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Analysing Substances

Analysing substances is a major part of GCSE Chemistry. This is the first of three quizzes on the topic and it takes a look at some of the many methods which are used in analytical testing.

Finding out which elements are present in a substance can be helpful to scientists in many fields, for example forensic science, hospitals and food science. Current methods used by professional scientists for analysing substances are very quick, extremely accurate and ultra-sensitive. There are, however, some disadvantages too. The machines tend to be extremely expensive, can only be used by highly trained operatives and a known result is required for comparison. Thankfully, not all methods of chemical analysis rely on machines to get the job done! There are many analytical tests that you can carry out which enable you to find out what is in a chemical.

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In your chemistry lessons you will have learned some methods in KS3 including chromatography, the flame test for metals and the iodine test for starch, but during your GCSE you will use several more. For your exams and practical work, you need to learn these and know how to interpret the results.

The flame test is used to find out what metal ion (cation) is present in a compound. It works because different metal ions burn with different colours. The key to a good flame test is to get the equipment as clean as possible so that the colour can be seen. Even the tiniest quantity of sodium ions give a very strong orange/yellow flame and if the flame test wire is not thoroughly cleaned, all you will see is the sodium colour.

The flame test covers some of the most common cations. Precipitation reactions using sodium hydroxide can identify some that are not detectable using the flame test. The precipitate formed by aluminium will re-dissolve if you continue to add sodium hydroxide whereas those of calcium and magnesium do not. The colour of the precipitate can give you some information too, for example, a brown precipitate indicates that the cation is iron III.

The anion (non metal or group of non metals) can be discovered using silver nitrate solution (for halides), barium chloride (for sulfates) or acid and limewater (for carbonates).

Analysing substances needs to be carried out safely and methodically. Start with the flame test and work through the other tests until you have a result. Negative test results are almost as useful as positive results as they can eliminate certain cations and anions and narrow down the range of tests needed.

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  1. A chromatogram is produced in a process called chromatography. There are several types of chromatography. Which of the following is NOT a type of chromatography?
    UV-visible is a type of spectroscopy. Chromatography involves the movement of a solvent which separates the chemicals from one-another in a mixture
  2. Three unknown solutions are added to test tubes of dilute nitric acid and silver nitrate. Each shows a positive result for the test. What ions are present in each tube in order if the colours produced are white, cream and pale yellow?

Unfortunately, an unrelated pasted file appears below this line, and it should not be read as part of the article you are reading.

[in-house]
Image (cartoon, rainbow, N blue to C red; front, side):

The precipitates are silver chloride, silver bromide and silver iodide
  3. A titration is used to accurately measure volumes of liquids required to carry out chemical reactions such as neutralisation reactions. Name the long glass tube which is required to carry out a titration.
    It can be used to measure the volume of any liquid with great accuracy
  4. A white precipitate results from the reaction between an unknown substance and sodium hydroxide. Which ion CANNOT be present in the unknown substance?
    Copper 2+ ions produce a light blue precipitate, the other three produce white precipitates
  5. Which element produces a green flame when burned in a flame test?
    The flame test wire must be very clean
  6. What metal should the wire loop be made of that is holding your unknown compound during a flame test?
    This is an inert metal and can be heated to a high temperature before it melts. Most school laboratories, however, use nichrome wire as it is cheaper
  7. The meniscus is the curve in the upper surface of a liquid caused by surface tension. When measuring the amount of liquid held in a burette, which part of the meniscus do you measure from?
    The meniscus is read at the bottom of the curve. Always read the volume with your eye at the meniscus level to avoid parallax error
  8. Which of the following compounds would burn yellow in the flame test?
    Sodium gives a distinctive yellow colour. This is where street lights get their colour from
  9. A reddish brown precipitate results from the reaction between an unknown substance and sodium hydroxide. Which ion is present in the unknown substance?
    Obtaining a white precipitate could indicate several different metals, however, coloured precipitates are more useful as they identify specific metals
  10. Which of the following can iodine NOT be used for testing for?
    Limewater is used to test for the presence of carbon dioxide

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